| CAPE TOWN

In Photos: a day of protest at Parliament

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Three protests about the universities crisis took place at the legislature yesterday

Thousands of students marched to Parliament yesterday
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Yesterday Parliament saw three different protest at its door. By far the largest was held by the Fees Must Fall movement. Several thousand students participated in it. After marching from the Cape Peninsula University of Technology (CPUT) they arrived at Parliament and sang protest songs.

The day eventually took a violent turn with clashes between students and police. 

Fees Must Fall Parliament

The first protest of the day started shortly before 9am. About 150 UCT staff members picketed, demanding more funding for tertiary education, and for government to intervene in the universities crisis. Pictured above is University of Cape Town (UCT) Vice-chancellor Max Price. Although the UCT executive participated in the march, it was organised by the university’s staff trade unions. 

Later in the day, Democratic Alliance (DA), with its affiliate the DA Students Organisation, marched to Parliament. The protesters called for universities to open, funding for poor students, and for Jacob Zuma to step down.

By 11am, hundreds if not thousands of students had already filled the grounds of CPUT. Their main demand was “free decolonised education”.

Students carried a faux coffin with a picture of Blade Nzimande on top of it.

As the march began, riot police immediately brought it to a halt. They wanted marshals in front to keep order.

Riot police steered the march, trying to keep order.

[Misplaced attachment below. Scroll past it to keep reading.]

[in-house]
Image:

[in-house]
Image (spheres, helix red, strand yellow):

Some student protesters hitched a ride on police vehicles.

At one point, protesters and police started running.

Several thousand protesters gathered outside Parliament. 

Speeches were made and students handed over a memo to the Minister of Finance, Pravin Gordhan.

Students watched the proceedings from the top of police vehicles. Police asked them to get off numerous times, which they did. But they returned again moments later.

Students sang and danced on top of a police vehicle.

Police used fire rubber bullets and stun grenades to disperse protesters. The violence started after a cardboard coffin with Blade Nzimande was set alight and thrown at police outside the gates of Parliament. 

Protesting students retaliated by barricading the street and throwing rocks at police.

Riot police continued to fire rubber bullets at protesters as the chaos started to move into the city centre.

More barricades were built. These fires were quickly doused by police water cannons. 

A police vehicle drove away quickly as protesters ran through streets throwing rocks at all police vehicles. 

A man (presumably a police officer) pulled out a gun as protesters stoned the Caledon Square police station. 

Rocks were thrown at police vehicles and buildings. Windows were broken.

Riot police continued to move slowly thorough the streets.

A protesting student wears an officer’s helmet. 

Police fired stun grenades to disperse protesters blocking Strand street.

Stun grenades were set off.

People hid after stun grenades went off.

A woman cried after stun grenades went off.

According to JP Smith, mayoral committee member for safety and security, six arrests have been made, four for public violence and two for assault of a police officer.

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TOPICS:  Policing Tertiary Education Violence

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